Happy New Year! With the ringing in of Jan. 1, 2011, all of us in the engineering profession have been presented with a dilemma. I should indicate that this dilemma extends to architects, as well. You may be wondering what the concern is.
On Jan. 1, the 2009 ICC International Residential Code mandates residential sprinklers in all one- and two-family dwellings. The IRC had already mandated residential sprinklers in townhouses.
Prior to Jan. 1, the ICC International Building Code required sprinkler protection in all residential buildings. Furthermore, NFPA 5000 has always required all residential buildings to be protected with a residential sprinkler system.
The next edition of the IRC will be the 2012 edition. That is scheduled for publication later this year. The 2012 edition of the IRC also mandates residential sprinklers for all one- and two-family dwellings and townhouses.
As professional engineers, our first obligation is to the public, not our client. We are also required to follow accepted engineering practice. Accepted engineering practice means we have to follow the guidelines produced and developed by our industry. That includes the IRC, IBC and NFPA 5000.
What all this means is that from this day forward if you are involved in the design of systems in any one- or two-family dwelling or townhouse, you need to include a residential sprinkler system. If you do not, you are jeopardizing your engineering license by not upholding your first obligation to protect the public, plus not upholding your obligations to follow accepted engineering practice.
The builder may not follow your plans. He may choose not to install the residential sprinkler system, but that is OK. You did your duty by showing the system on the plans. The liability shifts to the builder if he chooses not to install the residential sprinkler system. I plan to also cover my bases by sending a letter to the builder or developer indicating that sprinklers are required.
Some DisagreeI was speaking to an engineering colleague last week regarding this very issue. He disagrees with me, saying that if the state or local politicians delete the sprinkler requirements from the code, the engineer has no obligation to design the system. There is no denying that the various state home builders’ associations have been spending millions lobbying their politicians to have the requirement removed from the adoption of the 2009 IRC.
Just because politicians do something that many of us consider stupid, it does not reduce the liability of professional engineers to do what they are charged to do. In other words, we must protect the public. I cannot fathom how any engineer could declare that residential sprinklers do not protect the public.
Litigation Waiting To HappenI am sure some, or many, smart attorneys are just waiting in the wings for the first fire death in a home built after Jan. 1, 2011. I hate to say it, but it will unfortunately have to involve a fire death. With around 3,000 fire deaths a year in residential buildings, it won’t take long for a test case.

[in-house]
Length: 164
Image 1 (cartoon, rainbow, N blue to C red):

Having been involved in a number of lawsuits as an expert witness, I can envision the questions the attorney would ask.
Question: Mr. Ballanco, doesn’t the 2009 IRC require all one- and two-family dwellings to be sprinklered after Jan. 1, 2011?
Answer: Yes, but that section was stricken from the IRC when it was adopted by the state.
Question: Oh, so politicians receiving money from the home builder lobbyists voted to strike the sprinkler requirement, is that correct?
Question: So, you just followed what the politicians adopted for protection of the single-family dwelling?
Answer: Yes, that is all that is required. We just have to follow the adopted code.
Question: You don’t have any obligation beyond following the code?
Question: What is the requirement in your engineering licensing law whereby you have the obligation to protect the public?
Answer: That is true. We do that by following the code.
Question: But you didn’t follow the code. You followed what the politicians, receiving funding from home builder lobbyists, changed in the code, didn’t you?
Answer: The code is what the elected officials enact. It did not require residential sprinklers. That is what I followed.
Question: But the code, without amendments, developed by your profession, would require sprinklers for this home, wouldn’t it?
Answer: Yes, but I am not obligated to follow that code.
Question: If sprinklers were installed in this home, would there have been a fire death?
Answer: I don’t know.
Question: You don’t know, but you are an engineer. Shouldn’t you know?
Answer: Every fire is different.
Question: Has there ever been a fire death in a home, with sprinklers, experiencing the same fire as this home?
Answer: Not that I know of.
Question: So you just ignored your obligation as a licensed professional engineer to protect the public?
Include Sprinklers In Your DesignsThat last question, attorneys call a “got ya” question. How do you answer the question? If you have a good answer, then there shouldn’t be a problem with designing plumbing and mechanical systems in residential buildings without including a residential sprinkler system.
If you are like me, you will be including a residential sprinkler system in residential buildings that you design. I know that residential sprinklers will protect the occupants of any residential building. I also know that there will not be any fire deaths that will result in a trial. Hence, I don’t fear any such line of questioning, because it will never occur.
Starting today, you should reduce your liability by providing a sprinkler system design for every residential building you design. After all, that is what the documents that we develop require.
I am not going to leave my fate to some politician who doesn’t know a thing about construction safety.